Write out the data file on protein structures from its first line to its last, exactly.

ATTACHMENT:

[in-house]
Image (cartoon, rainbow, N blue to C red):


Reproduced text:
[in-house]
Image (cartoon, rainbow, N blue to C red):